Five effects of church decline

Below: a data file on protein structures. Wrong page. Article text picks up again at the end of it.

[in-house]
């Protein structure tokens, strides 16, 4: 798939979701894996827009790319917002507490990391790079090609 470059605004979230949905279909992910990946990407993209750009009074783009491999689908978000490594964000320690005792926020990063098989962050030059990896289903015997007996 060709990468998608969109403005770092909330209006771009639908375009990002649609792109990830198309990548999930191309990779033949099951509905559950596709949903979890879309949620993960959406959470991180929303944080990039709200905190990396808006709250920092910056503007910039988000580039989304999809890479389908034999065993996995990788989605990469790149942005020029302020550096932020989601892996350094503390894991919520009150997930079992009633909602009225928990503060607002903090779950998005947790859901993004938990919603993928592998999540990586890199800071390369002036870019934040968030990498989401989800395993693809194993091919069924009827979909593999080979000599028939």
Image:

I’ve written and spoken at length about the problem of church decline and why it is happening. But what are some of the effects? Here are five. (1) Churches are experiencing numerical decline. This is obvious, but it must be stated. One of the clearest indicators that a church is moving closer to death is that it has experienced decline for five years or more. When I say decline, I am not talking about our membership rolls. I am talking about decline at the Sunday morning worship service. The numbers continue dropping. Some will say it’s not about the numbers. I agree, it’s not all about the numbers. But numbers do represent people, and they evidence whether or not we’re making an impact for the Kingdom. (2) The church experiences a lot of friction and fighting among its leaders and members. When a church isn’t focused on doing the work of Christ, they will be focused on their own needs. And when those desires clash, fights are inevitable. How does James put it? “What causes quarrels and what causes fights among you? Is it not this, that your passions are at war within you? You desire and do not have, so you murder. You covet and cannot obtain, so you fight and quarrel” (James 4:1-2). Many sick churches fight against their pastor. They know things aren’t going well. So, they turn on their pastor. This, then, causes unrest among the members and the leadership. (3) The church has had a string of short pastoral tenures. Churches have problems so they fire and hire another pastor. They believe that will fix it. But they discourage him and he leaves and the cycle continues. When churches cannot maintain pastors for long terms, they cannot build continuity and consistency. Contrary to what many believe, long term pastoral ministries are good for church health. You won’t find many, if any, thriving churches that have had a lot of short-term pastors. Healthy, growing churches always have long term pastoral careers. (4) People stop growing and getting saved. When a church begins to decline, it’s because it is unhealthy, and unhealthy churches are composed with unhealthy Christians. The church has ceased to be a place where spiritual growth takes place. It is now a country club where members seek to get their needs met. They want their perks. The church looks more like the world. Unhealthy churches are led by unhealthy leaders; therefore, the people are oppressed spiritually. They might not even realize it, but very little spiritual growth takes place in an unhealthy church. Worst of all, people stopped getting saved in dying churches. The Spirit of God doesn’t move as powerfully as He normally would in a church that obeys. As a result, people aren’t coming to know Christ because the people have ceased to make the Great commission the primary focus of their ministry. (5) God is dishonored. Bottom line, an unhealthy church does not bring glory to God. In fact, a dying church dishonors the Lord. When a church’s facilities are run down, the people look like the world, everyone in the community knows the church is declining, God is dishonored. Why? It appears that God is not glorious and the gospel is not the power of God to save (Romans 1:16-17).